By Nathaniel Clark, Daily Sports Writer
Published March 25, 2014
Junior Lauren Grogan could have struggled at any point this year, and no one would have blamed her.
This year featured the arrival of current Michigan coach Jan Dowling and the ensuing transition. While a new coaching staff brings with it many changes, Grogan took it all in stride. As an upperclassman, she was instrumental in helping her coach transition into the program.
Grogan then demonstrated her leadership skills when Dowling assigned her to be the “big sister,” to a promising freshman named Grace Choi. Grogan showed Choi the ropes and has helped her through the struggles of freshman year at Michigan. Much like Grogan, Choi has appeared near the top of the leaderboard multiple times in her first season.
“The first semester really teaches you the need to be organized and manage your time effectively,” Grogan said. “I’m really grateful that my teammates helped me get on the right path and that now I’ve been able to help Grace do the same.”
But her path to get here didn’t suggest so.
Grogan was born and raised in Columbus, where she graduated from Bishop Watterson High School in 2011. Many of her golf tournaments and camps growing up took place on the Ohio State campus.
Her golfing career also began later than most. Grogan has been playing golf since she was young, but said she didn’t start competitive golf until her freshman year of high school. However, she made an impact right away. Grogan won numerous awards, including All-State honors in Ohio, led her school to top-10 finishes in state tournaments every year, and was team captain her last three years, all while being in the National Honor Society.
She also had dreams of being a basketball player. She grew up idolizing LeBron James, played on her high school team and attended camps all four years of high school. But junior year, she left the team to focus on golf, a tough decision for her.
That same year, Grogan attended golf combines in Las Vegas. There, she was noticed by colleges, kicking off the recruiting process. While her process started later than most eventual collegiate golfers, many schools wanted her and her golf prospects appeared golden.
Yet she still had dreams of playing basketball. She attended summer basketball camp, thinking about rejoining her high school team. But one of Grogan’s teammates blew out her knee while running down the court, and that got Grogan thinking about her future.
“I didn’t want that to happen to me and waste my promising golf potential because of an injury.”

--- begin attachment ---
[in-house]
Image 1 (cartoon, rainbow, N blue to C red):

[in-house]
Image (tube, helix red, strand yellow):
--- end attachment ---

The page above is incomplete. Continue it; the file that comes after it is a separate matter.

So Grogan chose golf and it came time to pick a school. Despite her roots in Columbus, she was never going to be a Buckeye.
“It was too close to home,” Grogan said. “My parents and I both agreed that I needed to go far enough away where I could learn some responsibility.”
The choices came down to Penn State and Michigan. While a former high school teammate of hers played at Penn State, Grogan wanted to be somewhat close to home.
Choosing Michigan quickly proved to be right. In just her third-ever collegiate golf tournament, the Challenge at Onion Creek, Grogan placed 10th out of 75 golfers with her career-best total score of 221, which included a career-low 71 in the second round. In the spring, she finished 14th out of 72 at the Big Ten Championships, which helped lead the Wolverines to a fourth-place finish and earned her the program’s Women’s Golf Progress Award.
“The Onion Creek tournament really gave me the confidence to say, ‘Hey, I can do this!’ ” Grogan said. “It taught me that sometimes you just have to be an athlete and not get too technical.”
Grogan’s sophomore year yielded even better results. Her academic success earned her Academic-All Big Ten and U-M Athletic Academic Achievement honors. On the golf course, she was one of just two Michigan golfers to start in all 10 tournaments during the fall and spring seasons. Despite her youth, she was the Wolverines’ lowest scorer four times, which included a fifth-place overall finish at the Wolverine Invitational. She dropped her single-round average to 76.87 strokes per round from 78.73 strokes a year earlier, which included a score of 71 at the Edwin Watts Palmetto Intercollegiate.
But unlike many collegiate athletes, Lauren is not all business. She and her father, whom she describes as her best friend, developed a secret handshake ritual that they used to perform before each tournament. They can be serious when they need to be, but they know how to have fun and make jokes.
Grogan even likes to turn the jokes on herself sometimes. She will often play on the fact that many in Columbus see her as a traitor for attending “That School Up North.”
But just like with the coaching changes this year, Grogan takes it all in stride.